"With that minimal objective, the current level of involvement is probably inadequate," Dobbins adds. "The problem with that is that you would have to maintain that [level of involvement] forever."
The war in Iraq has clearly been a distraction from operations in Afghanistan, experts said, and some questioned the feasibility of undertaking two major nation-building efforts at the same time. While it is difficult to say whether the situation in Afghanistan would be markedly different without the Iraq war, the financial and military strain would be less severe, Singer said.
"I think we would have more activity on the ground [in Afghanistan],” he said. “I think we would have more money and resources on the ground."
Despite such problems, the Bush administration should still be able to sustain reconstruction efforts in both Iraq and Afghanistan, no matter how daunting that task may be, Lieven said.
"Given the immense wealth in the West, we ought to be able to do both," he said.
"Policymakers have a finite amount of time on things," he said. "Iraq fills that space, that time and attention"
Peter Singer, foreign policy expert, The Brookings Institution
Even without the war in Iraq, attention to Afghanistan inevitably would have waned, he said. Iraq, however, accelerated that process, grabbing the focus of Washington politicians who no longer viewed Afghanistan as a crisis situation, Singer said.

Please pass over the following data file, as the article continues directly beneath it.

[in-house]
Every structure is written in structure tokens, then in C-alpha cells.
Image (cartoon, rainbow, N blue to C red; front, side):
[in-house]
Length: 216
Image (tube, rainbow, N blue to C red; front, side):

"Policymakers have a finite amount of time on things," he said. "Iraq fills that space, that time and attention."
For Afghanistan to become the political success story many people in the international community hoped it could be after the fall of the Taliban, the US must devote sufficient time and energy to helping the new government rebuild its fractured national identity, one US official said.
"I think the most important thing in Afghanistan is to work to build the infrastructure of a nation out of a conglomerate of ethnic groups who do not trust each other," the official said.
As difficult as that task may be, most Afghans share the desire to establish a unified country, despite lingering ethnic tensions between Uzbeks, Tajiks and Pashtuns, Dobbins said.
"They don’t want a greater Uzbekistan or Pakistan," he said. "There is competition, but competition within a greater framework which is Afghanistan."
For such a national vision to become a reality, the Bush administration must do more to allow Afghanistan’s different ethnic groups to pursue common goals, such as constructing irrigation systems and building roads throughout the country, Lieven said.
Afghan soldiers have been drawn
from all ethnic groups
The top US commander in Afghanistan has recently announced that the military is pursuing a more aggressive and expansive plan to combat Taliban fighters thought to be based along the border with Pakistan.
More important than money or troops, though, is the understanding that the US must pledge to stay the course in the years ahead, Lieven said.
"Whatever we do, however successful we are, it has to be based on the commitment that we will be there, not only five or ten years from now, but 20 years from now as well," he said.